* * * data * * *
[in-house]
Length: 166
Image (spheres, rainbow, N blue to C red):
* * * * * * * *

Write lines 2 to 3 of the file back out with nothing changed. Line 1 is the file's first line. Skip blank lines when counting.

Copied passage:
Length: 166
Image (spheres, rainbow, N blue to C red):